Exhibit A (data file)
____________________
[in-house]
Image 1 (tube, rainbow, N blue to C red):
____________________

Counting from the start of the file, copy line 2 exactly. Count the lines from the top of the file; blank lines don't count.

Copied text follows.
Image 1 (tube, rainbow, N blue to C red):